TT Club warns forwarders and transport firms of increased risks of operating in Russia
Transport firms operating in Russia have been warned to carry out thorough risk reviews and ...
The largest deal in the Russian transportation sector took place today after APM Terminals announced that it had acquired a 37.5% stake in Global Ports, for some $860 million, from its majority owner Transportation Investment Holdings Ltd, more commonly known as N-Trans.
The deal values the Russian terminal operator, which is listed on the London Stock Exchange, at $2.3 billion, and is set to be completed by the end of the year providing European and Russian competition authorities give their approval.
GP currently runs five container terminals – the Petrolesport and Moby Dik facilities in St Petersburg; Vostochny on Russia’s Pacific coast; the Multi-Link terminals in the Finnish ports of Helsinki and Kotka; the Yanino Logistics Park, an inland terminal outside St Petersburg; and an oil terminal handling Russian crude exports in the Estonian port of Tallinn.
The Moby Dik and the Multi-Link facilities are run in a joint-venture with Finnish transport company Container Finance, which also counts feeder operator Containerships as another subsidiary. Additionally, DP World has a 25% stake in the Vostochny operation.
APM Terminals chief executive Kim Fejfer told The Loadstar that its investment would secure six places on the board of directors, with himself as the principal, while N-Trans retains six, and two further seats will go to independent directors. Current chairman Nikita Mishin will continue in his role and there are no changes in management at the terminals planned.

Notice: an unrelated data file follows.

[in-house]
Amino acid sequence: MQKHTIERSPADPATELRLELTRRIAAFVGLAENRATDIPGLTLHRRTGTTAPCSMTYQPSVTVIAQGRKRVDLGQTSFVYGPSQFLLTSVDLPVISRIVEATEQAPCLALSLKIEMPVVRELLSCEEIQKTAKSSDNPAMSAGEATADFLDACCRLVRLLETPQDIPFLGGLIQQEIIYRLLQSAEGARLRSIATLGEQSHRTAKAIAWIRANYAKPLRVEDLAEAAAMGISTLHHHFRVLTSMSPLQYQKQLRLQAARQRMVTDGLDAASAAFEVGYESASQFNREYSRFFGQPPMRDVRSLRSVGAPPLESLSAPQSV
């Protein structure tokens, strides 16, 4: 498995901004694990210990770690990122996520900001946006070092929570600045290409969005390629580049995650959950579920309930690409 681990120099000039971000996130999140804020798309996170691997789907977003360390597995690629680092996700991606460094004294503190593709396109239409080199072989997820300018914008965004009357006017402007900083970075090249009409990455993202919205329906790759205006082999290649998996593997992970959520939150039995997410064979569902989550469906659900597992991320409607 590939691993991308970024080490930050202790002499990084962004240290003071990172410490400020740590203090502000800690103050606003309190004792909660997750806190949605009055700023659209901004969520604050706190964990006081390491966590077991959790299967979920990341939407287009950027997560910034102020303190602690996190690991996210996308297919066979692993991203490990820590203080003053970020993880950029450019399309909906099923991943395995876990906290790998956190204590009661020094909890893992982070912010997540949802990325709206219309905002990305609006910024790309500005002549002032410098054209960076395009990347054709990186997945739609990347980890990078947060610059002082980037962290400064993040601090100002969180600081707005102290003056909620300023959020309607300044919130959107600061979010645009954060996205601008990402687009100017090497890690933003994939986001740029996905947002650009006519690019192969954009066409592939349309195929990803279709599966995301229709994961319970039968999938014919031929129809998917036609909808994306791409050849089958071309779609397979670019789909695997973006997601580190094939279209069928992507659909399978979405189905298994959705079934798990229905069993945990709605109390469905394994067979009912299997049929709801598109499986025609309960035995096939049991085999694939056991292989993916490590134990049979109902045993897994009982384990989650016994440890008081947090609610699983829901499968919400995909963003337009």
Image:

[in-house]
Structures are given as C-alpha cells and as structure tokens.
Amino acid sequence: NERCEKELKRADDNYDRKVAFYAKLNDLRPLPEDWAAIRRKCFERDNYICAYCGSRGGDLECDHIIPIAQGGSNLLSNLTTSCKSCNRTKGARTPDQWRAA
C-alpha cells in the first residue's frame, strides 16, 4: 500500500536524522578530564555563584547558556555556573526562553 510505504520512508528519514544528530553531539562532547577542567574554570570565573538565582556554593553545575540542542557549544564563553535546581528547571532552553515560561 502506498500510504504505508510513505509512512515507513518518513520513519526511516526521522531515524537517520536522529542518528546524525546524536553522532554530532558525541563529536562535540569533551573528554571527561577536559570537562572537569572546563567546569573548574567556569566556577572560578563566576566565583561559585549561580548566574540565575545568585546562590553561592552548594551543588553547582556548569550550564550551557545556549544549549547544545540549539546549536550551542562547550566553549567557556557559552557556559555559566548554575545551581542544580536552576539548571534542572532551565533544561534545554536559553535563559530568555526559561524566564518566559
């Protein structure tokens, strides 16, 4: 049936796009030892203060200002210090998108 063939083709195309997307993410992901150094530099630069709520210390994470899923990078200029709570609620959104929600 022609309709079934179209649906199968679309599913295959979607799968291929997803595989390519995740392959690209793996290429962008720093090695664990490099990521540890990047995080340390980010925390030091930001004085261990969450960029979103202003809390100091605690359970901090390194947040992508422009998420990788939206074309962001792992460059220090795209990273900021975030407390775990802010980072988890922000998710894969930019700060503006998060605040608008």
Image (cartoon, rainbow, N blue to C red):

“Russia is an attractive market – 140 million people and resource-rich, but current throughput is only 3m teu, with 2m teu in St Petersburg. There is enormous potential for growth, and in each and every one of the facilities there is room to expand,” Mr Fejfer said.
He brushed off suggestions that APM Terminals might have had concerns about investing in the Russian market, given the experiences of several other foreign companies which had their fingers badly burned.
“We are doing business in a lot of less-developed places where there is a lot of risk, but we are convinced this is calculated risk.
“We have chosen our partner very carefully, and Global Ports has a strong track record of working together with foreign partners and investors.”
The deal represents the first proper entrance of a global terminal operator to the country. Its potential is obvious – a large population and growing consumer market with a low container penetration level and heavily congested terminals create the perfect conditions for terminal developers to flourish – but previous attempts by foreign operators to establish a serious presence in the country have been frustrated by a range of factors, including corruption and government interference.
However, Mr Mishin said: “The entrance of a global operator is a great note of confidence in Russia, supported by the recent accession to the WTO, but also to the Global Ports management team, which has been building up to this for 10 years.”
The centrepiece facility is Petrolesport in St Petersburg, the port’s second largest terminal after First Container Terminal, run by Russia’s largest terminal operator, National Container Company. Unlike FCT however, Petrolesport has room to double its size, and is currently expanding capacity from 1m teu per year to 1.4m teu. Last year it handled just under 800,000 teu.
Whether APM Terminals’ entrance will have a galvanising effect on Russian port efficiency remains to be seen. Some 15-20% of the country’s traffic goes through transit ports in other countries – particularly Finland and the Baltic states – because Russian customs authorities can be unpredictable and large shippers can get frustrated with the long and unexpected delays sometimes encountered in St Petersburg.
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